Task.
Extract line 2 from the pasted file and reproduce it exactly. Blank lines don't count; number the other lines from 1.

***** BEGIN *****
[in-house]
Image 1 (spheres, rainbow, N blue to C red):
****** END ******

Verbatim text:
Image 1 (spheres, rainbow, N blue to C red):